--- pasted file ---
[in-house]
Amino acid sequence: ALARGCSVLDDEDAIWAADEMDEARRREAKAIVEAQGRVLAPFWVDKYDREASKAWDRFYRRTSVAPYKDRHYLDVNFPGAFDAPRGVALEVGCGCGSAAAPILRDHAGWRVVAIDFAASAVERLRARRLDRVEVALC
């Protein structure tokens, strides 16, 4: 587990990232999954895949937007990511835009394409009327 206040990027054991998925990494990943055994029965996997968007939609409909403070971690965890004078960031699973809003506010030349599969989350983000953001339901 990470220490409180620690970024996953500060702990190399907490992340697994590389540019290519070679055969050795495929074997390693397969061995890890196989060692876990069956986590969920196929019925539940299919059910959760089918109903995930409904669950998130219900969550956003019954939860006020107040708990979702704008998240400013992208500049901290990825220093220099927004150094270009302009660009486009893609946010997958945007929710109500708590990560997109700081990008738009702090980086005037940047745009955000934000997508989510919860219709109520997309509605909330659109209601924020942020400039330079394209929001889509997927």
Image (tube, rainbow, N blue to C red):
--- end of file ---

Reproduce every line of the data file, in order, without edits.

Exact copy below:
[in-house]
Amino acid sequence: ALARGCSVLDDEDAIWAADEMDEARRREAKAIVEAQGRVLAPFWVDKYDREASKAWDRFYRRTSVAPYKDRHYLDVNFPGAFDAPRGVALEVGCGCGSAAAPILRDHAGWRVVAIDFAASAVERLRARRLDRVEVALC
């Protein structure tokens, strides 16, 4: 587990990232999954895949937007990511835009394409009327 206040990027054991998925990494990943055994029965996997968007939609409909403070971690965890004078960031699973809003506010030349599969989350983000953001339901 990470220490409180620690970024996953500060702990190399907490992340697994590389540019290519070679055969050795495929074997390693397969061995890890196989060692876990069956986590969920196929019925539940299919059910959760089918109903995930409904669950998130219900969550956003019954939860006020107040708990979702704008998240400013992208500049901290990825220093220099927004150094270009302009660009486009893609946010997958945007929710109500708590990560997109700081990008738009702090980086005037940047745009955000934000997508989510919860219709109520997309509605909330659109209601924020942020400039330079394209929001889509997927």
Image (tube, rainbow, N blue to C red):